Brenda Chapman Talks Butterfly Kills

Brenda Chapman Talks Butterfly Kills

Posted on January 26 by Dundurn Guest in Interview, Mystery
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We sat down with mystery author Brenda Chapman for her next Stonechild and Rouleau Mystery! 

Tell us about your book.

Butterfly Kills is the second in the Stonechild and Rouleau police procedural series. Staff Sergeant Jacques Rouleau moves to Kingston to head a new major crimes team and they are soon embroiled in two major cases – a spousal rape and the murder of a fourth year university student. Kala Stonechild drops in for a visit and is enlisted to help with both investigations. A third plotline is told from the point of view of a young girl whose sister disappeared after she was being forced into marriage with a man from India.


How did you come up with the idea for this work?

In my communications work, I handled the forced marriage file for a time and attended a conference in Toronto where I met with the leader of the task force from London, England who explained how they rescued girls from countries where they were being forced into marriages by their families. The murder of three daughters and first wife by an Ottawa man, his second wife and son when their car was driven into the Rideau Canal also haunted me for some time. In the spousal rape storyline, I was showing that family violence is not limited to one culture or nationality.


How did you come up with the title?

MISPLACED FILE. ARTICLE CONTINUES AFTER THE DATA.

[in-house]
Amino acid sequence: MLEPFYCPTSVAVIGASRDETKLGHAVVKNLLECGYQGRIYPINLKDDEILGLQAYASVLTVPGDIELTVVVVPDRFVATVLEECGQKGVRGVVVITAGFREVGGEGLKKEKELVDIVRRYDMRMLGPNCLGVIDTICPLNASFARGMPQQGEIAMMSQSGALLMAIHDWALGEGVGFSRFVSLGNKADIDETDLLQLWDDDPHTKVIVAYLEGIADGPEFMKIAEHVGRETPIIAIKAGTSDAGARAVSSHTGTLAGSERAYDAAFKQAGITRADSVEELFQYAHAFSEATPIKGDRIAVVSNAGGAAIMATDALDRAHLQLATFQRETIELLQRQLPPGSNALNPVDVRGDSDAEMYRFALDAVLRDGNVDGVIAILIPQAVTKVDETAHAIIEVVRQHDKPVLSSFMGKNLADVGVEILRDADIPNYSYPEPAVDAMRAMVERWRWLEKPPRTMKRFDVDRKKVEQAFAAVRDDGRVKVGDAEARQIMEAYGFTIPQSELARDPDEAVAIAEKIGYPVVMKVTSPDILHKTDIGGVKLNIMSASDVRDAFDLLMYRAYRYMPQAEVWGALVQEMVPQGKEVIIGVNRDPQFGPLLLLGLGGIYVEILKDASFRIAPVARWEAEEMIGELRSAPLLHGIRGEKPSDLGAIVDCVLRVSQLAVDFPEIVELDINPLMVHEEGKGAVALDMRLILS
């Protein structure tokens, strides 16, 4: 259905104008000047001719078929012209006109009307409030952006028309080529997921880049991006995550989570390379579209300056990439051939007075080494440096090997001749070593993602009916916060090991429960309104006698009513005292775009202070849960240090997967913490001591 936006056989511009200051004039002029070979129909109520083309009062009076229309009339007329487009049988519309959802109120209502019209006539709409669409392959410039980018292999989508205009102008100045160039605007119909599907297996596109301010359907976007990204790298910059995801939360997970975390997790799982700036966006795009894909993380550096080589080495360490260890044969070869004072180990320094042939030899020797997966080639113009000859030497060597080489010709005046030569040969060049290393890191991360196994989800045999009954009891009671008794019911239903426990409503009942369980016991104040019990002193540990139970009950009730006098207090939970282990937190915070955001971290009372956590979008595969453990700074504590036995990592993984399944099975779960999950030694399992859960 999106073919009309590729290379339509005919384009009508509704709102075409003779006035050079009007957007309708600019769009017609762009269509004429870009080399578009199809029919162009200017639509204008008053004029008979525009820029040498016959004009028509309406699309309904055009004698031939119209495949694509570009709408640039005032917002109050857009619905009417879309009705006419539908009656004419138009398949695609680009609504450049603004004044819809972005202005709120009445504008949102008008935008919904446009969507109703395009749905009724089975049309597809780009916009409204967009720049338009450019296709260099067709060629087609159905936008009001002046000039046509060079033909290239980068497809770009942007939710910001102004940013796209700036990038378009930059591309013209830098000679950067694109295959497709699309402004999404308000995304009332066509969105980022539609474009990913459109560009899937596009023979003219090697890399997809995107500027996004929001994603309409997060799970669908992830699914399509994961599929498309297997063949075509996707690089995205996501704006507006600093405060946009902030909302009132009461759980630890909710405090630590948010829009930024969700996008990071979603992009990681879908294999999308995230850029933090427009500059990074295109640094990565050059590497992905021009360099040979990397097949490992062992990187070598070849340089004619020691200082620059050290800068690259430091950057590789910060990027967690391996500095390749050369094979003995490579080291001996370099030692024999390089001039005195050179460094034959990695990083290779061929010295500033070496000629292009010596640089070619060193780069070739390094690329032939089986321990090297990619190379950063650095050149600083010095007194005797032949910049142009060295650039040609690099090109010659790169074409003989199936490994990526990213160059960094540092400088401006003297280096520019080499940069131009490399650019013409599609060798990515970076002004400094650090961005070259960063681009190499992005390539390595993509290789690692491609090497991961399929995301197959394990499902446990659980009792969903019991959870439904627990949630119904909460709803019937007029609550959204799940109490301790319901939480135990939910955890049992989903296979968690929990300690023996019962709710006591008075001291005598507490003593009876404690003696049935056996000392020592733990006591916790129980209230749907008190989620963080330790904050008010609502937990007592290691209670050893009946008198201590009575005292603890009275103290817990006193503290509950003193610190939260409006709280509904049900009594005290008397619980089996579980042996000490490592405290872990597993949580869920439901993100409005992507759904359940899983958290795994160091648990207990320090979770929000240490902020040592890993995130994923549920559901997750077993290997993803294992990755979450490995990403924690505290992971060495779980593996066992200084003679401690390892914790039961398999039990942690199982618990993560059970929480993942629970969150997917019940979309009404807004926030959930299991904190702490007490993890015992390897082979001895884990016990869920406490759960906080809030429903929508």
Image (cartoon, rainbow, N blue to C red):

Butterflies are free and represent innocence and beauty. Killing butterflies is akin to murdering goodness and light. I’m hoping the unusual title will draw in inquisitive readers.


What was the creative process like for you?

I always begin plotting from the crime and who committed the murder and then figure out how to get to my ending. In this case, I knew how two of the plotlines fed into each other from the beginning. I had no idea how the third plotline fit in until that ‘aha moment’ when everything fell into place. I love when that happens! In addition, I develop my police characters in tandem with the investigation since they remain constants throughout the books. My goal is to make their lives as interesting as the crimes they are working to solve.8. Describe your ideal writing environment.

Several years ago, we put on a major addition to our house in Ottawa and included an office for me. I spend my most productive hours at my desk with music on low and a mug of tea at my elbow. The tea can become a glass of wine if I work into the evening hours. Ideally, I am on vacation from my full-time communications job and have days on end to immerse myself in the manuscript.